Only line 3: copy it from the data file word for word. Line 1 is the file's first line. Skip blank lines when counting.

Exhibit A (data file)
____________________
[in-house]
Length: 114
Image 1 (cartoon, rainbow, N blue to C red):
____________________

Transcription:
Image 1 (cartoon, rainbow, N blue to C red):